A Response to “Wash Us in the Blood”: An Open Letter to Kanye

From the desk of

Micheal Johnson II

July 1, 2020

Dear Mr. West,

I recently heard your new song Wash Us in the Blood. I must first say that I am thankful to God for his grace toward you, and I pray as Paul does that you will be “filled with the knowledge of his will in all spiritual wisdom and understanding so as to walk in a manner worthy of the Lord fully pleasing to him bearing fruit in every good work and increasing in the knowledge of God” (Col. 1:9-10).

I am writing with the hope that this note might aid you in that endeavor.

In your song, this line is uttered:

“Executes in thirty states

Thirty states still execute

Thou shall not kill, I shall not spill, 

Nextels at the rendezvous”

It is my goal in this brief letter to give a biblical defense of the death penalty using various passages of Scripture. 

“You shall not murder.” Deuteronomy 5:17

Based on your previous tweets, I have noticed that you read from the KJV. This is a very fine (and time-tested) translation. However, I think it disservices you in this regard: it does not make the distinction between killing and murder. For example, if you were to kill someone while defending your own life in your own home against an intruding assailant, should you then be considered a murderer? By no means! as necessity may very well have legitimately warranted it. In such cases, Scripture does not deem you to be punished for defending yourself. On the contrary, if the assailant entering your home killed you or your family, he should be universally condemned as a murderer in its truest meaning.

Let every person be subject to the governing authorities. For there is no authority except from God, and those that exist have been instituted by God. Therefore whoever resists the authorities resists what God has appointed, and those who resist will incur judgment. For rulers are not a terror to good conduct, but to bad. Would you have no fear of the one who is in authority? Then do what is good, and you will receive his approval, for he is God’s servant for your good. But if you do wrong, be afraid, for he does not bear the sword in vain. For he is the servant of God, an avenger who carries out God’s wrath on the wrongdoer. Therefore one must be in subjection, not only to avoid God’s wrath but also for the sake of conscience.” Romans 13:1-5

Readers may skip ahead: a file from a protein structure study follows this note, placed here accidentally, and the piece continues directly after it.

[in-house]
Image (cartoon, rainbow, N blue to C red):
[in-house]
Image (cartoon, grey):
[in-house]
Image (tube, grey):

Here it is noted that those in authority “do not bear the sword in vain”. What this simply means is that governing authorities exist to punish those who do evil (and also to defend those who do good, per 1 Peter 2:14). It is an unfortunate fact about living in our fallen world that they do not always uphold this responsibility reliably. Even more unfortunate is that, at times, this principle is actually corrupted– which God condemns: 

“You shall not pervert the justice due to your poor in his lawsuit. Keep far from a false charge, and do not kill the innocent and righteous, for I will not acquit the wicked.” Exodus 23:6-7 

There are many cases of this injustice in America’s history. In our modern day, we must all condemn true injustice when we see it and hold those responsible for this evil accountable. 

A question worth asking is, Why does God specifically state the “innocent and the righteous”? The answer to which is affirmed in this command:

“Whoever sheds the blood of man, by man shall his blood be shed, for God made man in his own image.” Genesis 9:6

It is important to note that this command predates the Law of Moses, meaning that it remains to the rule of law in the New Covenant. Though, as mentioned earlier, this punishment does not apply to every killing (take manslaughter for example, described in Deuteronomy 19:4-10); it does however apply to every murder (Deuteronomy 19:11-13). Why, you ask? Ultimately because laws function to communicate the values of a society (or its rulers). God’s perfect laws communicate the value of human life, which is the foundation of true justice.

Justice defined is “punishing an individual according to the crime that has been committed.” In the instance of someone murderously taking another’s life, what punishment could be equal to their own life being taken? Nothing– after all, all things serve us in the pursuit of life; this is why Jesus said, “Greater love has no one than this, that someone lay down his life for his friends.” (John 15:13).

If the penalty for murder involves the monetary, then you communicate that a person’s value is merely monetary. If the penalty is in relation to time, then you communicate that the person’s value is merely relative to time. Could this be the very reason so much anger has engulfed our society? that, all too often, murderers are not punished in proportion to the crimes they have committed? For those who murder to be given any lesser sentence than what is prescribed in Genesis 9:6 is unjust. It is immeasurably beneficial for all who would intend to murder another to heed the words of our Lord (to Peter in the garden of Gethsemane):

Then Jesus said to him, ‘Put your sword back into its place. For all who take the sword will perish by the sword.'” Matthew 26:52

Mr. West, I write this to you as a brother-in-Christ who rejoices in your faith as I see the fruit the Lord has brought forth in your life. We should all fight to ensure that (in our time on earth) we seek justice for the “innocent and the righteous” who have been wrongfully condemned by sinful men, while also seeking just punishment for the guilty.

Grace and peace be with you,

Micheal Johnson II

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